Italy: Of Pasta and Problems
The cradle of European culture still offers la dolce vita in the form of a pleasant climate and low working hours. Otherwise, Italy's current situation leaves a lot to be desired.
Italy's struggle with the economic crisis in recent years has also left its impression on expat life. In the Personal Finance Index the country ranks 61st, the fourth lowest of all countries surveyed. This obviously also plays a role in Italy's poor overall ranking at 58th place.
Living in Italy isn't all doom and gloom, though, as the country ranks a solid 32nd out of 64 in the Quality of Life Index, performing averagely in all the relevant subcategories. Expatriates in Italy seem to be relatively happy, too, despite the economy; almost four-fifths (79%) are more or less pleased with their lives.
Expat Statistics 2015
A Warm Welcome
Expatriates do not generally have difficulties with the Italian culture: two-thirds of them say they feel at home in Italy and the local population is found to be pleasant company, as 75% rate the Italians' friendliness positively. Similarly, getting used to the local culture is regarded to be painless by 67% of the respondents, as opposed to a global 60%.
The Italian language is rather simple to learn, at least according to the survey participants; 54% consider learning the local language more or less easy. Worldwide this opinion on a host country's tongue is shared by only a little more than a third (37%). On the other hand, expats might encounter some challenges if they do not know Italian; two-thirds say that it is difficult to live in the country without speaking the language.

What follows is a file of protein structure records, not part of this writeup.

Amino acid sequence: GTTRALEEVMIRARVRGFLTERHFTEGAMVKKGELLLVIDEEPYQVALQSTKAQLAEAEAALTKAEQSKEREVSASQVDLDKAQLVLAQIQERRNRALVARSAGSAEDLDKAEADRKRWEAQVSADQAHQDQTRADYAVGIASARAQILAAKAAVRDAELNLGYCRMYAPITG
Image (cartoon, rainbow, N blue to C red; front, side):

Career Prospects in a Tailspin
As mentioned before, Italy's economy has definitely seen better days, as its state is considered to be poor by over three-fifths of respondents (62%). In global comparison this result is particularly striking, since the worldwide percentage of expats with an unfavorable view of their respective country's economy is a mere 21%. There is also a huge difference in employment and incomes between the industrialized north and the agricultural south.
Expats in Italy do not have particularly high expectations for their careers, either. Only 37% say they are overall happy with the career prospects in the country as compared to the worldwide average of 56%. Also, job security is seen as sub-par and regarded negatively by two-fifths of the participants in Italy, while globally only 22% have such concerns.
Overall, these factors result in Italy ranking 62nd in the Working Abroad Index, succeeded only by Portugal (63rd) and Greece (64th).
Empty Piggy Banks
With the employment situation being what it is, it should come as no surprise that expats in Italy have reason to complain about their finances, too. Almost a third of the participants in Italy (32%) say that their disposable household income is not quite sufficient for their daily lives, resulting in the fourth lowest position in the Personal Finance Index. In the Cost of Living Index, the country does a little better, although the 42nd position (a lower ranking indicates a higher cost of living) is definitely nothing to write home about, either.
Averageness in Education
Family life in Italy is not believed to be in quite as deplorable a state as the country's economy. However, ranking 32nd out of 41 countries in the Family Life Index, Italy does not really shine in any of the related subcategories, either.
Children's education is found to be rather more affordable than childcare; while the former is considered to be not too pricey by 43% of respondents, only 24% say the same about the latter. Globally the respective percentages are 41% and 42%. In part, this might have something to do with the choice of education: over half of expat parents in Italy (53%) have sent their kids to a local state school, compared to a global average of just 30%.
The quality of education is given a favorable score by a little over half of the parents (57%), which is somewhat below the worldwide average of 65%. Nevertheless, overall, expat families in Italy seem to be doing alright, since the majority (86%) rates family life in general as positive.